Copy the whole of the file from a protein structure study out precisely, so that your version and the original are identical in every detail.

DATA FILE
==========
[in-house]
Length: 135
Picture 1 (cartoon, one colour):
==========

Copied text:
[in-house]
Length: 135
Picture 1 (cartoon, one colour):